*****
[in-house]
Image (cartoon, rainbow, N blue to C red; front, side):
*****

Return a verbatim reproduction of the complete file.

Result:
[in-house]
Image (cartoon, rainbow, N blue to C red; front, side):